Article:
True Green Cities / From Richardson to Stone to Yamasaki – Showing Off Buffalo’s Heritage!
The National Preservation Conference Comes to Buffalo
The view inside the Marine A grain elevator in Buffalo.
Last week over 2500 preservationists from around the country descended on my hometown to celebrate the rich architecture that almost no other city in America can boast. We have all been preparing our historic places since Buffalo was announced as the 2011 conference location three years ago. I’m so proud of my city and Buffalonians – every site used this third week in October as the target date to complete restoration projects and demonstration projects. The weather was seasonal, but the sun peaked through on occasion and snow was nowhere in sight. Nearly every field session was sold out well in advance and the lines around town signaled another conference event. Some of the events I went to (my own included) were some of the most informational, AND hip and groovy events I’ve ever been to. We may be part of the rust belt, but our love of our historic sites and creativity in opening them up to the public represents our fresh, new city. One visitor said to me, “Every field session I go to feels like a ‘revival’ – when I leave I’m a believer!”
Opening up the Richardson Olmsted Complex
If you’ve read my blog at all this summer
, you know that I’ve been working on getting the Richardson Olmsted Complex (the former Buffalo State Asylum for the Insane designed by Richardson, Olmsted & Vaux) ready for the conference with my colleagues.
One of the 17 programs and tours at the Richardson Olmsted Complex during the National Preservation Conference.
We have spent $13 million stabilizing and weatherizing all of the buildings. In my 25 years as a preservation architect I've never seen such a fabulous preservation project and process. We completed an Historic Structures Report, Cultural Landscape Report and Master Plan (which can all be downloaded from our website
). We spent $600,000 restoring half of the first floor of the Towers as a demonstration showcase space. Our master plan is phased and the first phase includes the three core buildings which will be adapted for use as a boutique hotel, conference center and new cultural institution - the Buffalo Architecture Center. The mental health history of the site will be interpreted in one of the restored ward floors. A Request For Proposal for an architectural team to work with our nonprofit corporation which was set up by the State of NY - the Richardson Center Corporation - goes out early 2012. We plan on opening this first phase of work in 2014. The President of Buffalo State College is on our board and working with us to establish uses for the remaining buildings. I have been on the RCC board since 2006 and amazingly proud of our work and future. I did my Master's Thesis on the complex and have been involved with saving the site since 1985, as have many other Buffalonians involved in the board and project.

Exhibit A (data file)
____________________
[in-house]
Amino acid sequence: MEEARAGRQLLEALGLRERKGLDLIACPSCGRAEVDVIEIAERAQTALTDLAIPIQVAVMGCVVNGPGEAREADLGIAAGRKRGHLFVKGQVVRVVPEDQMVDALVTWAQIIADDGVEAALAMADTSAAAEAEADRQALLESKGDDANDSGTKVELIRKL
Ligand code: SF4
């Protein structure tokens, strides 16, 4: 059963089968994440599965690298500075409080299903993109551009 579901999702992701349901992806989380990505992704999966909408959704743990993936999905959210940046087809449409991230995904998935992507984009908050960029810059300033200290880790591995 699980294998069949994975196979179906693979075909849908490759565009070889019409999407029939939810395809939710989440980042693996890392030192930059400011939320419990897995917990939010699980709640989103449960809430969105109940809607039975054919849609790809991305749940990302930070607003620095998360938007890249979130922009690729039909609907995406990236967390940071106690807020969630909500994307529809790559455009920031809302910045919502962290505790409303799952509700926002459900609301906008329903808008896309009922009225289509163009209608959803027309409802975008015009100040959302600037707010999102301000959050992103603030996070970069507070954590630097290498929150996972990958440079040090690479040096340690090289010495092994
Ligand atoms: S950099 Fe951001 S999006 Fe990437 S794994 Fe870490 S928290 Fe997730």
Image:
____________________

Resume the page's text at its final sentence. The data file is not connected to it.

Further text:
The atrium at the 4th floor in The Buffalo News Building, designed by Edward Durell Stone.
We developed a self-guided tour with exhibit panels, an 8-minute short film about the past, present and future ofthe complex and designed a guided tour and trained docents. This past week we welcomed almost 2000 visitors to our site which had been closed to the public for more than a decade. Through public tours, conference field sessions, receptions and an open house, we were able to share our story
Braving the Weather to Celebrate Modernism
While I focused nearly all of my conference activities at the Richardson Olmsted Complex, I did have one other very different event to work on – the “Buffalo Modern” reception and tour which was a joint effort of Columbia University’s Historic Preservation program and Trust Modern
(the National Trust’s department that focuses on modern preservation). Buffalo has a wealth of architectural jewels from every era and style. We set up Buffalo Modern along a spine of downtown from The Buffalo News building (Edward Durell Stone) to One M & T Plaza (Minoru Yamasaki). At The Buffalo News, attendees were treated to a tour of the 6-story printing press while at M&T they received a new monograph on the building that had just been printed last week! Despite the blustery wind, rain and cold, modern enthusiasts visited both buildings and tweeted about it all night long.
Performance Art in the Grain Elevators
Probably the grooviest event of the conference was the UB School of Architecture & Planning’s tour and reception of the grain elevators
along the Buffalo River. Most of us had never been inside of them. The empty silos functioned well as echo chambers for a trio performing a soundscape by John Cage, with a cello, xylophone and percussion. The event was used to launch the Schools’ new preservation program which is starting with a sustainable preservation continuing education program this spring. I have the honor of working with my alma mater to develop this program and our first workshop is the weekend of April 27th
So Much To See and Do
The grain elevators along the Buffalo River.
This small sample of buildings and projects I was involved with is just a small percentage of all the opportunities and events available to the conference participants. Local and national media followed participants around all week and gave us all a sense of new-found pride
in what we find around us every day.
And if you’d like to “subscribe” or follow this blog, True Green Cities, please sign up through the “Subscribe” button at the bottom left of this page. You’ll receive a daily recap when new blogs are posted.